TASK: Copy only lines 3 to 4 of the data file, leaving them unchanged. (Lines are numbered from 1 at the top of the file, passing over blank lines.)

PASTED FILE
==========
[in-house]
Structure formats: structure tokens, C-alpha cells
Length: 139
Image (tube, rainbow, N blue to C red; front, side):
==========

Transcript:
Length: 139
Image (tube, rainbow, N blue to C red; front, side):